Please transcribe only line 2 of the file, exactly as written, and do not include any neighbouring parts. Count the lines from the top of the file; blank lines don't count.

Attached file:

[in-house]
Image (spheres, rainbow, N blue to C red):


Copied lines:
Image (spheres, rainbow, N blue to C red):